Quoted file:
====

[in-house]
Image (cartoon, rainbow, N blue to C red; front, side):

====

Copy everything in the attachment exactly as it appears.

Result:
[in-house]
Image (cartoon, rainbow, N blue to C red; front, side):